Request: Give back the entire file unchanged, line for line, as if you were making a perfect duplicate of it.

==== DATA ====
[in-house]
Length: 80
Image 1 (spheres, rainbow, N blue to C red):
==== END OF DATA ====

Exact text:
[in-house]
Length: 80
Image 1 (spheres, rainbow, N blue to C red):